Mathematicians call the principle of building a blockchain a “linked list”. Each of its elements depends on the previous and subsequent. By changing or removing one block, you break the sequence and activate the security mechanism.
From here follows the purpose of the blockchain – database authentication. The mechanism blocks attempts to change information, preventing one participant in the process from breaking the rules and benefiting from it.
Blockchain is considered relatively new technology
The word itself has become popular only recently. But the prototype of such a system appeared back in 1984, when mathematician David Chaum proposed his own technique for protecting important information based on linked lists.
The first blockchain was described by scientists Haber and Stornetta in a 1991 paper. And the first working model appeared in 1994 – it helped to confirm the authenticity of publications and protect them from plagiarism.
But the popularity of blockchain was brought by the manifesto of an anonymous IT specialist under the pseudonym Satoshi Nakamoto. In 2008, he presented his vision for a decentralized public blockchain.
Nakamoto says that the public network, which is not owned by any of the participants, should become a more honest and transparent alternative to the global financial system. This is how the idea of the first cryptocurrency, bitcoin, was born.
How does blockchain work?
Suppose you need to write down valuable information and make sure that no one can replace it. You record data digitally and encrypt it to ensure complete privacy.
This array is sent to all users (nodes) that have connected to a particular network. Each of them receives an exact copy. If you suspect substitution, it is enough to compare one copy with another.
But the process of comparing hundreds and thousands of strings is a time-consuming task. If there are hundreds of thousands of participants in the network, the solution of this problem will take all the computing power of the planet.
Therefore, the blockchain uses a checksum or hash. This is an encrypted header that is assigned to the data array. If you change at least one character, the hash will also change – this will become noticeable when comparing.
The blockchain platform is dynamic – it is designed to constantly add new information. Most often we are talking about transactions, that is, money transfers between users. But in theory, you can use the technology to authenticate anything—scientific publications, art, and ID cards.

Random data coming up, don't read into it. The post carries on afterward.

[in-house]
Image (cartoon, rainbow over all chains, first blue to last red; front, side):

For this, a chain of blocks is needed. Since information is added over time, another dataset must be attached to one dataset.
So that the blocks cannot be deleted or replaced, each of them is associated with the previous and subsequent ones. The technology is simple – block #2 contains not only its checksum, but also the hash of block #1. Accordingly, block #3 includes the hash of block #2, and so on. If you remove one link, you break the whole chain.
Who is involved in the formation of new blocks?
In private blockchains, this task is entrusted to the network administrator and those to whom he grants such powers. But in practice, another option is more popular.
In public blockchains, the block is formed by the participant who solves the mathematical problem before others. To do this, he needs powerful hardware capable of performing from tens of thousands to billions of calculations per second. The procedure for solving such problems is called mining.
To stimulate participation in the work and development of the blockchain, a reward is assigned for the formation of a new block – the miner receives a new unit of cryptocurrency or his share of the commission for making a transaction on the network.
So you can earn on mining. To increase the likelihood of receiving a reward, large players have formed their own distributed arrays (pools).
By connecting to them, miners rent computers to the pool, receiving their share of the profits. In conditions when there are millions of miners on the market, this scheme of work remains the most reliable.
The speed of block formation is determined by the creators of the blockchain. For example, for Bitcoin, it is approximately equal to 2048 blocks in 14 days.
If more processing power appears on the network, tasks are completed faster and the process speeds up. To solve this problem, the network changes the complexity of mathematical problems in such a way as to maintain a constant speed regardless of the number of participants and the power of their equipment.
The algorithm in which the blockchain is provided by mining is called proof of work – Proof-of-Work, PoW. He has alternatives.
Sometimes the formation of blocks is trusted by the most authoritative network participants who have the largest number of rewards (cryptocurrencies, tokens, etc.) at their disposal. This algorithm is called proof of ownership – Proof-of-Stake, PoS.
PoT – Proof-of-Time – the participant is determined by the time spent on the network;
PoA – Proof-of-Authority – the block is formed by the participant who received the largest number of votes;
PoSpace – Proof-of-Space – the right to create a block is given to the one who rented the largest amount of disk space.
In simple terms, the blockchain writes regularly updated information into blocks that are sent to all network members.
If one of them decides to replace or delete the data, the system will notice the forgery due to the discrepancy between the code checksums. The false chain will be corrected automatically, which will eliminate fraud.